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Republican Relents On Jobless Benefits Extension

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Republican Relents On Jobless Benefits Extension

Politics

Republican Relents On Jobless Benefits Extension

Republican Relents On Jobless Benefits Extension

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Republican Senator Jim Bunning of Kentucky will drop opposition to legislation that would extend help the jobless and keep federal highway dollars flowing. The measure was approved last week by the House. President Obama is expected to sign it into law as soon as it passes the Senate.

MELISSA BLOCK, host:

From NPR News, this is ALL THINGS CONSIDERED. I'm Melissa Block.

MICHELE NORRIS, host:

And I'm Michele Norris.

On Capitol Hill, the one-man filibuster is over. Senator Jim Bunning has relented. He allowed a bill to go forward that extends unemployment benefits and the national highway fund. It was approved by a vote of 78 to 19. Bunning, a Republican from Kentucky, had blocked the measure since last Thursday while demanding that it be fully funded - the standoff through federal benefits for hundreds of thousands of people in jeopardy.

NPR's David Welna joins us now from Capitol Hill to explain what's going on. David, fill us in first. What was Senator Bunning blocking and why?

DAVID WELNA: Well, in the Senate, Michele, you need unanimous consent or the agreement of every senator to move forward on just about anything. And Senator Bunning used that power of one to object to what would've otherwise been a pretty routine, temporary extension of unemployment benefits that began running out this week.

Every time Democrats would try to bring up the bill and this morning even a Republican (unintelligible) Susan Collins tried bringing the bill up, Bunning would object. And his beef with the bill came down to this: The only way it would be paid for is through more deficit spending. And as Bunning repeatedly noted, Senate Democrats last month voted not to approve any more spending that's not paid for, except for emergencies, which they considered this social safety net extension bill to be.

Take a listen now to Bunning this evening on the Senate floor.

Senator JIM BUNNING (Republican, Kentucky): We must bring an end to the out of control spending, and there is no better time than now. I urge my colleagues to join me in saying, enough, and restoring some discipline to Washington.

NORRIS: So, an about face there, really, from Jim Bunning. Why did he relent? Did he get some sort of deal behind the scenes?

WELNA: He did get a deal, but it was basically the same deal he was offered almost a week ago when he turned it down. And it was to hold a vote on using another source of funding to pay for the 30-day extension of unemployment benefits. But Democrats said that simply took funding that was already going to be used for extending those benefits for the entire year. And they blocked his move by raising the budget point of order.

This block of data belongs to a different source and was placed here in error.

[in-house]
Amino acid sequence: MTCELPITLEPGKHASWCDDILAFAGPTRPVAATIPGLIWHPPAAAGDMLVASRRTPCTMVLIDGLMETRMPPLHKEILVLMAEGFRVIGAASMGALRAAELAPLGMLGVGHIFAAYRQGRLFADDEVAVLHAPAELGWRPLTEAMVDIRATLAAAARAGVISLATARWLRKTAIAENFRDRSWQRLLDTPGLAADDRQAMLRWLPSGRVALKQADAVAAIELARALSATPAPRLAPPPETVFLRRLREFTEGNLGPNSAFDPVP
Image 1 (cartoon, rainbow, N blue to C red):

I think the real reason Bunning finally backed down was that his Republican colleagues turned up the pressure on him to relent. They did not want everyone talking about Bunning's filibuster and how Republicans were blocking unemployment benefits. They prefer that the national conversation be about Democrats getting ready to do an end run around a Senate filibuster to get their health care bill finished something that Republicans wanted to portray as being unfair. But after this filibuster that may be a bit harder to do.

NORRIS: What's the immediate upshot?

WELNA: This bill's getting passed means the unemployment benefits that expired Sunday night at midnight will be extended for another 30 days, as will the funding for 2,000 highway inspectors who were furloughed this week because of the bill being held up.

NORRIS: Now, the Democrats have been trying to end the filibuster since last week. I understand that today come Republicans joined in that effort. Has this how has this been playing politically?

WELNA: Well, for Democrats this has been a political gift. They've been complaining for months about GOP obstructionism in the Senate. But they had a hard time getting people to pay attention. I think the Bunning filibuster really shined a national spotlight on how Republicans can and do hold things up in the Senate. And that's also, I think, why other Republicans were eager to get this over with. It made their party look heartless to a lot of people, even though it was just one member holding things up.

Although half the Republicans did end up voting against extending the benefits. Bunning says he'll keep objecting to future spending that's not paid for, but it's not clear whether he'll attempt any more one-man filibusters.

NORRIS: Thank you, David.

WELNA: Thank you.

NORRIS: That's NPR's David Welna.

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